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Concurrent Use of Names that Serve Equally as Domain Names and Trademarks

Trademark law recognizes (with some qualification) that two parties can be entitled to use similar, even identical lexical strings where the concurrent user offers the public unrelated goods or services. It has been noted that “the Lanham Act’s tolerance for similarity between competing marks varies inversely with the fame of the prior mark.” Kenneth Parker Toys Inc .v. Rose Art Industries Inc., 963 F. 2d 350, 353 (Fed. Cir. 1992). That is, “[a]s a mark’s fame increases, the Act’s tolerance for similarities between competing marks falls.” This principle is carried over into UDRP jurisprudence. In and of itself, a domain name identical or confusingly similar to a trademark is not remarkable.

Owners whose trademarks consist of lexical strings attractive to many users have limited protection, hence the allowance for “similarities between competing marks.” Current, multiple registrations of the same or similar lexical string in different classes undercut a complainant’s allegation that in registering the disputed domain name the respondent is targeting it trademark. Example: “Country Home,” Meredith Corp. vs. CityHome, Inc., D2000-0223 (WIPO May 18, 2000) (“[T]here are at least seven United States trademark registrations for Country Home by others for diverse uses and ‘hundreds’ for common variations thereof, e.g., Home Country. Furthermore, Complainant’s trademark registrations are in classes 16 and 31 for such things as printed materials, magazines and seed. On the other hand, Respondent’s potential use in connection with real estate and mortgage services would be in International Classes 35 and 36.”). No bad faith is imputed for registering a domain name respondent uses to describe the goods or services it offers. Kaleidoscope Imaging, Inc. v. V Entm’t, FA 203207 (Nat. Arb. Forum Jan. 5, 2004) ().

The principle is illustrated in Park ‘N Fly Service Corporation v. Elias Tesfa, FA1202001427761 (Nat. Arb. Forum March 15, 2012). Arguing that a respondent is a competitor – suggesting thereby that it should have had knowledge or been aware of complainant – necessarily requires a threshold analysis of the parties’ business locations and their goods or services. Propinquity strengthens or undercuts a contention of illegitimacy for registering the domain name. In Park ‘N Fly, the parties are located on opposite sides of the United States.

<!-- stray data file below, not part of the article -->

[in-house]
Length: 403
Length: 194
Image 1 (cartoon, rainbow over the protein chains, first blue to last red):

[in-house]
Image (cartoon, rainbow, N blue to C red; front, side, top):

The Respondent prevailed even though it did not appear because the Complainant’s evidence included screenshots that demonstrated what the Respondent would otherwise have presented in its own defense. According to the screenshots,

Respondent’s <> domain name resolves to a website that offers competing parking and transportation services under the title “EZ Park Fly” in San Jose, California. Complainant asserts that Respondent directly competes with Complainant’s business. The Panel determines that the terms “park” and “fly” are descriptive terms that describe both Complainant’s and Respondent’s businesses.

A trademark holder does “not have an exclusive monopoly” on common lexical strings (here, “park” and “fly”) in relation to the services to which the terms ordinarily apply. The Panel found that “in relation to airport parking services, and Respondent operates a legitimate business.” The risk in registering a common lexical string is that others, without knowledge of that a string has been registered as a trademark, can choose it for its own business, the only qualification being that the choice is legitimate.

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